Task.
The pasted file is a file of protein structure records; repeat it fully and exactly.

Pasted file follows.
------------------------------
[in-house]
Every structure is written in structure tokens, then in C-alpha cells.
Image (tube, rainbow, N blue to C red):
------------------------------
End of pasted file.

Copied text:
[in-house]
Every structure is written in structure tokens, then in C-alpha cells.
Image (tube, rainbow, N blue to C red):